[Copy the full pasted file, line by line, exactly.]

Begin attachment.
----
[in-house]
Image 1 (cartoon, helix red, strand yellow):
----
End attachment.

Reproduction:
[in-house]
Image 1 (cartoon, helix red, strand yellow):